This work is the result of the 2015/16 challenge for the exhibiting textile group as a Studio 21. The aim was to research an element of the sewing machine: from sewing machine mechanics, decoration and operation to personal and social histories, and to produce relevant pieces responding to this research.

As the first domestic appliance, the sewing machine required ingenious marketing to become successful. Key to the success was to ensure that the position of the woman was not challenged. As such it was important to maintain the social pretence that women should not, indeed could not, use machines. The mechanics of using the sewing machine were wrapped up in how to sew books such as the one by Mary Brooks Picken which contain directives which are laughably inappropriate in today’s context.

I created two main pieces

L’Enigma

As the first domestic appliance, the sewing machine required ingenious marketing to become successful. It was important to maintain the social pretence that women should not, indeed could not, use machines. As such the mechanics were hidden beneath beautifully ornate casing. Many women who sew actually find the mechanics intriguing and when contemplating this, the intrigue and weight of Man Ray’s L’Enigma d’Isodore Ducasse came to mind and L’Enigma evolved.

A Beauty Ritual of Orderliness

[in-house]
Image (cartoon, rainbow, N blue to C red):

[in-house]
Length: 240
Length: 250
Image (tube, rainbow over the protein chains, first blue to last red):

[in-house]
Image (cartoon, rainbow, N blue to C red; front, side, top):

An extract by Mary Brooks Picken’s is available as an example of 50’s sexism. Reading the original text one realises that the basic tenet is actually sound: to ensure that your sewing time is rewarding, make sure that you give it time and space. The specific directives however are laughable in today’s context. This piece is worked on a simple apron, required to protect your best dress worn so that you were not “constantly fearful that a visitor will drop in or your husband come home” finding you “not look neatly put together”.

I have had an enjoyable time looking at the wide range of images of the sewing machine and its marketing, building up a diverse Pinterest board which you can see here. The research for this project resulted in some fun images and facts which you can see here in my accompanying booklet.

I also created some smaller pieces from my reactions to the Mary Brooks Picken book.

The work appeared at a preview of the exhibition at the SIT showcase in Cheltenham before the main exhibition at the end of October. Followed by a week at the The Bracknell Gallery, South Hill Park Arts Centre, Bracknell RG12 7PA and a month’s residency at the Lansdown Gallery, Stroud as part of the SIT Select textile festival in May 2016 where it won the annual best in show prize for the festival. The following year it travelled with the Knitting and Stitching Shows to London, Dublin and Harrogate.

 


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